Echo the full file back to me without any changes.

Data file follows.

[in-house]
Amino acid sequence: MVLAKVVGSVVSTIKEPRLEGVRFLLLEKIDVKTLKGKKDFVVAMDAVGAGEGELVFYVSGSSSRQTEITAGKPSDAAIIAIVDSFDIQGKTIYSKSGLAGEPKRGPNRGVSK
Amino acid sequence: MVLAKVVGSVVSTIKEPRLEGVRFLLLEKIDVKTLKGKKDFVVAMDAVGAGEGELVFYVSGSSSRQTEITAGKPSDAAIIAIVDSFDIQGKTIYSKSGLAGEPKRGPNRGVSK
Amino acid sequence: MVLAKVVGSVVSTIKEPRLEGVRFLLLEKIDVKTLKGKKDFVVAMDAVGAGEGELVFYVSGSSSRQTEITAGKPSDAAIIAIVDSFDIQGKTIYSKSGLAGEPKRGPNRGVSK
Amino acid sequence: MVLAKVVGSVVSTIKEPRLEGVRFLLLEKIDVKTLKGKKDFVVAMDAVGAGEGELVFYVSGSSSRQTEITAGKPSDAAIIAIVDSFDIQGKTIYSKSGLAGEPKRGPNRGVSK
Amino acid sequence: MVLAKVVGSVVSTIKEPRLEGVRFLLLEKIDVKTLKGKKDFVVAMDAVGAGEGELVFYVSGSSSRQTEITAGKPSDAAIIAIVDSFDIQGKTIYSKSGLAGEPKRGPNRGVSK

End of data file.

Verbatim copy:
[in-house]
Amino acid sequence: MVLAKVVGSVVSTIKEPRLEGVRFLLLEKIDVKTLKGKKDFVVAMDAVGAGEGELVFYVSGSSSRQTEITAGKPSDAAIIAIVDSFDIQGKTIYSKSGLAGEPKRGPNRGVSK
Amino acid sequence: MVLAKVVGSVVSTIKEPRLEGVRFLLLEKIDVKTLKGKKDFVVAMDAVGAGEGELVFYVSGSSSRQTEITAGKPSDAAIIAIVDSFDIQGKTIYSKSGLAGEPKRGPNRGVSK
Amino acid sequence: MVLAKVVGSVVSTIKEPRLEGVRFLLLEKIDVKTLKGKKDFVVAMDAVGAGEGELVFYVSGSSSRQTEITAGKPSDAAIIAIVDSFDIQGKTIYSKSGLAGEPKRGPNRGVSK
Amino acid sequence: MVLAKVVGSVVSTIKEPRLEGVRFLLLEKIDVKTLKGKKDFVVAMDAVGAGEGELVFYVSGSSSRQTEITAGKPSDAAIIAIVDSFDIQGKTIYSKSGLAGEPKRGPNRGVSK
Amino acid sequence: MVLAKVVGSVVSTIKEPRLEGVRFLLLEKIDVKTLKGKKDFVVAMDAVGAGEGELVFYVSGSSSRQTEITAGKPSDAAIIAIVDSFDIQGKTIYSKSGLAGEPKRGPNRGVSK